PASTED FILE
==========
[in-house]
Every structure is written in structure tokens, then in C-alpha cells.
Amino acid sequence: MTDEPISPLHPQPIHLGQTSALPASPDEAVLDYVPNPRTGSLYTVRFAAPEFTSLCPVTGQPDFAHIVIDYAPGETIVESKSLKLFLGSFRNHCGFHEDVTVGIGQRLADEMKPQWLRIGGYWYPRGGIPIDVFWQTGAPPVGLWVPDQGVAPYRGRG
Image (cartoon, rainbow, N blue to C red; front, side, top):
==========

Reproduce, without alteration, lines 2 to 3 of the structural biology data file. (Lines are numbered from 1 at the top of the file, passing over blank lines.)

Every structure is written in structure tokens, then in C-alpha cells.
Amino acid sequence: MTDEPISPLHPQPIHLGQTSALPASPDEAVLDYVPNPRTGSLYTVRFAAPEFTSLCPVTGQPDFAHIVIDYAPGETIVESKSLKLFLGSFRNHCGFHEDVTVGIGQRLADEMKPQWLRIGGYWYPRGGIPIDVFWQTGAPPVGLWVPDQGVAPYRGRG